Danny Dunsworth, Petitioner-appellant, v. John Shanks, Warden, Respondent-appellee, 94 F.3d 655 (10th Cir. 1996)

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U.S. Court of Appeals for the Tenth Circuit - 94 F.3d 655 (10th Cir. 1996)

Tenth Circuit.Aug. 22, 1996

Before EBEL, BARRETT, and HENRY, Circuit Judges.


After examining the briefs and appellate record, this panel has determined unanimously to grant the parties' request for a decision on the briefs without oral argument. See Fed. R. App. P. 34(f) and 10th Cir. R. 34.1.9. The case is therefore ordered submitted without oral argument.

Danny Dunsworth appeals from the district court's denial of his habeas petition, filed pursuant to 18 U.S.C. § 2254. Our jurisdiction over this appeal arises from 28 U.S.C. § 1291. After Dunsworth filed his notice of appeal, the district court issued an order denying him a certificate of probable cause. This court construed Dunsworth's notice of appeal as a renewal of his request for a notice of probable cause. See Fed. R. App. P. 22(b). Further, in light of the passage of new legislation affecting the procedures for habeas corpus appeals, see Lennox v. Evans, 87 F.3d 431, 432 (10th Cir. 1996), we construe the request as an application for a certificate of appealability. Id. at 434.

Applying the standards of the newly enacted 28 U.S.C. § 2253(c) (2),1  we conclude that Dunsworth "has made a substantial showing of the denial of a constitutional right." 28 U.S.C. § 2253(c) (2). His habeas petition alleges that 1) he received ineffective assistance of counsel, and 2) his guilty plea was coerced and involuntary. These allegations caused the district court to appoint counsel and hold a hearing. The district court's order, adopting the magistrate judge's report, weighed the evidence from both the state record and the hearing and made detailed findings of fact. Application of the law to those facts was not a simple matter, requiring the discussion of many cases and standards. We conclude that "the issues raised are debatable among jurists, [and] that a court could resolve the issues differently," Smith v. Secretary of N.M. Dep't of Corrections, 50 F.3d 801, 820 (10th Cir.) (quotation omitted) (citing Barefoot v. Estelle, 463 U.S. 880, 893 & n. 4 (1983)), cert. denied, 116 S. Ct. 272 (1995). Our conclusion is bolstered by this court's order appointing Dunsworth counsel on appeal. Accordingly, we grant Dunsworth a certificate of appealability on both of the issues presented to the district court.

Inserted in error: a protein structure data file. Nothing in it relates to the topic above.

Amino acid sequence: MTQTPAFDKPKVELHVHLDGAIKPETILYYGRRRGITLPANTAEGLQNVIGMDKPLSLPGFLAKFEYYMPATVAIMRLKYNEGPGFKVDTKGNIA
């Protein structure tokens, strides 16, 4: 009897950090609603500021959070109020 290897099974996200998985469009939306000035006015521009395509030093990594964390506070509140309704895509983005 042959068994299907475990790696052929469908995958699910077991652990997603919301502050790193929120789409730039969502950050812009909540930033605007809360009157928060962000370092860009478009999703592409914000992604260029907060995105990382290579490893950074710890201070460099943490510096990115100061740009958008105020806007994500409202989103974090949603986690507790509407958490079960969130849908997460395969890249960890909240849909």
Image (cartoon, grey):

On appeal, Dunsworth argues that his counsel failed to investigate his case and that his counsel represented him while under a conflict of interest, which deficiencies amounted to the denial of effective counsel, guaranteed by the sixth amendment. Further, he contends that as a result of his attorney's ineffective representation, his guilty plea to the underlying charges was involuntary. "In reviewing the district court's denial of [petitioner's] habeas corpus petition, we accept the court's findings of fact unless clearly erroneous and we review the court's conclusions of law de novo." Brewer v. Reynolds, 51 F.3d 1519, 1522 (10th Cir. 1995), cert. denied, 116 S. Ct. 936 (1996). After our careful review of the record on appeal, including supplemental volumes containing the state court record and the transcript of the district court's hearing on Dunsworth's habeas petition, we conclude that the district court correctly decided this case. Therefore, for substantially the same reasons contained in the magistrate judge's proposed findings and recommended disposition, dated May 8, 1995, and adopted by the district court in its order dated June 20, 1995, the judgment of the United States District Court for the District of New Mexico is AFFIRMED.


This order and judgment is not binding precedent, except under the doctrines of law of the case, res judicata, and collateral estoppel. The court generally disfavors the citation of orders and judgments; nevertheless, an order and judgment may be cited under the terms and conditions of 10th Cir. R. 36.3


Lennox held that the newly enacted certificate of appealability provision, 28 U.S.C. § 2253(c) (2), codified the standard set out in Barefoot v. Estelle, 463 U.S. 880, 892-93 (1983), for the issuance of a certificate of probable cause. 87 F.3d at 434. Because "the standard governing the issuance of a certificate of appealability [under the newly enacted legislation] requires the same showing as that for obtaining a certificate of probable cause [under previous law]," id., the court in Lennox applied the new legislation as law "in effect at the time we render our decision." Id. We do likewise